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The East Ramapo school board reacted furiously to the appointment. In a letter to the New York State Education Department, board chair Yehuda Weissmandl, who is Orthodox, accused the state of “acceding to the demands of bigots.”
Orthodox political operatives also criticized Cuomo’s appointment of the fiscal monitor. “Instead of looking at the problem and trying to solve the structural issues here, they did something political,” said Michael Fragin, an Orthodox political consultant. “It’s a fundamental unfairness to the taxpayers.”
Some observers argued that the move by Cuomo wouldn’t have a lasting impact on his relations with the Orthodox, and that the monitor was a necessary step toward resolving the conflict. “There’s obviously frustration among some in the ultra-Orthodox community,” said Ryan Karben, a public affairs strategist and former New York State Assembly member who previously represented the district in which East Ramapo is located. “But that’s tempered by the realization that, in the world of practical politics, there’s not going to be additional aid for anyone in East Ramapo without the governor’s support.”
The new appointment comes as goodwill toward Cuomo appears to be running dry among the ultra-Orthodox.
Cuomo began his governorship with a major move to benefit ultra-Orthodox yeshivas — a 2011 law that made undergraduate yeshiva students eligible for education funding through the New York State Tuition Assistance Program. That law has driven millions of dollars a year to Orthodox yeshivas, $9 million in the first half of 2012 alone.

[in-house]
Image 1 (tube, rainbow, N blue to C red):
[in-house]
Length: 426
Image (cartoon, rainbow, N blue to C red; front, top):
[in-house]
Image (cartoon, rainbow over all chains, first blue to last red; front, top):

Yet later moves by Cuomo have hurt him with this constituency. Ultra-Orthodox Jews opposed New York State’s Marriage Equality Act — a measure Cuomo pushed hard for — which made same-sex marriage legal in New York in July 2011. In 2012, Cuomo vetoed a bill backed by Agudah-linked activists and politicians that would have made it easier to send state special education funds to religious schools. In 2013, Cuomo backed an amendment to the state constitution that could bring resort casinos to the Catskills, a plan opposed by some Orthodox Jews who vacation and have summer camps in the area. And this past April, both Orthodox lobbyists and Catholic leaders were angered by a last-minute decision by Cuomo and leaders of the state legislature to drop from budget negotiations a proposal that would have given a state tax credit for donations to private schools.
Despite all these policies, some ultra-Orthodox advocates remain pleased with Cuomo. “I always joke, Moses couldn’t satisfy all the Jews all the time,” said Ezra Friedlander, founder and CEO of The Friedlander Group, a lobbying firm specializing in representing not-for-profits from the Orthodox community. “I think Cuomo has tremendous appeal.”
A spokesman for Cuomo cited additional state programs that had benefited the Orthodox. “Our communication and relationship with the Jewish Orthodox community remains open and strong,” Cuomo spokesman Elbert Garcia wrote in an email to the Forward. Garcia identified a handful of funding increases in the 2014-2015 state budget that would aid Orthodox groups.
Whatever his appeal is among Orthodox Jews, among New York Jews in general, Cuomo is actually more popular than he is among New York voters as a whole. In a Siena College poll taken in June, 71% of New York Jews said they would vote for Cuomo if the November elections were today, compared with 57% of New Yorkers.
That same poll gave Cuomo a 36-point lead over Astorino, a lead that observers don’t see Astorino overcoming. Given the likelihood of a Cuomo victory, Orthodox leaders, who are known for their pragmatism, could take his side again in the 2014 election, despite their differences.
Goldenberg said there was still time for Cuomo to win back the disaffected ultra-Orthodox. “I think he still has a chance to pull in a lot of votes,” he said.